2014 is the last year you can take the “old” MCAT before it changes. The “new” MCAT, which will debut in January 2015, will be longer and will have a social sciences section. I took the MCAT in 2013, so I'm going to discuss the “old” one.
The pre-2015 MCAT consists of three sections: Physical Sciences (general chemistry and physics), Verbal Reasoning, and Biological Sciences (biology and organic chemistry). The science sections last 70 minutes each, and the verbal section lasts 60 minutes. You get a break between each section. All the questions are multiple choice, and you get no penalty for guessing. The test is scored out of 45, and the mean score is around a 25. Different medical schools have different median scores (for example, the median score for accepted applicants at UCSF is 35). Most people aim to get in the low 30s. You can take the test as many times as you like, but medical schools tend to look down on those who take it more than twice.
Different people have different strategies for tackling the MCAT. Some people don't need a prep course, while others like the prep courses. Some take two weeks to study; others take five months. It's really up to what feels best for you, and what your budget and time constraints are.
Here's how I studied for the MCAT: first, I set aside two and a half months. I took the test over the summer, when I didn't have many other commitments. I also took a Princeton Review Prep class, which met four times a week. Not only did the class help me brush up on my sciences, but it also gave me a schedule to follow. This level of structure was particularly helpful for me. For the first two months, I focused on content. I reviewed the lectures, made flashcards, and did practice problems. I would routinely quiz myself on topics I struggled with to make sure I really had them down. Sometimes I would pretend I was explaining the concepts to someone else. To practice verbal, I just did passage after passage. Eventually I would time myself on the passages to make sure I wasn't spending too long on them. I also got good at answering the verbal questions without reading the passage. This is an important skill to master; many people find they cannot read all seven verbal passages in just 60 minutes. If you know how the MCAT likes to ask the verbal questions, it's somewhat easy to pick the correct answer to question without actually reading the passage. On my real MCAT, I only ready six of the seven verbal passages and still did fine. Finally, about two or three weeks before my actual test day, I started taking full-length practice tests every other day. Taking those are the best way to prepare for the actual exam. During those last few weeks, your scores will start to rise exponentially as you get more and more used to the format of the exam.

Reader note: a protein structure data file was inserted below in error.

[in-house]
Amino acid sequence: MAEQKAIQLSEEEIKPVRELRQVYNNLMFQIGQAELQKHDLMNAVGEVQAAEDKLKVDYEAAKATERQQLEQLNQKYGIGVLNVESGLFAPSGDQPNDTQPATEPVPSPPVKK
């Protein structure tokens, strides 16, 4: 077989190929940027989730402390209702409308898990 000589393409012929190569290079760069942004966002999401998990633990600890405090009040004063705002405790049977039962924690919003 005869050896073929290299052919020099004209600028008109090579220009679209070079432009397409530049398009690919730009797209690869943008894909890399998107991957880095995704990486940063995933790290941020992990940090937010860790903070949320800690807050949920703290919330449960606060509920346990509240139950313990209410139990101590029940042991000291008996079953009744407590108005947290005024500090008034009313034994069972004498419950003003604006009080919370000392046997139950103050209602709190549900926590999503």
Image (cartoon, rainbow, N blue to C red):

It's important to remember that you should only take the real test when you feel 100% ready. I postponed my test day a week because I felt I needed an extra week to really get it all down. This was probably the best decision I could have made; my scores went up by several points in that last week. Only take the real MCAT when you get practice scores in your target range. And most importantly, don't give up. The MCAT is an extremely difficult test to master. It's easy to get frustrated while you're studying. Just remember to keep your goal (medical school) in mind.